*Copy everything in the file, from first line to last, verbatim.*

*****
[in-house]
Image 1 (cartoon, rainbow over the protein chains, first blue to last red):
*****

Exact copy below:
[in-house]
Image 1 (cartoon, rainbow over the protein chains, first blue to last red):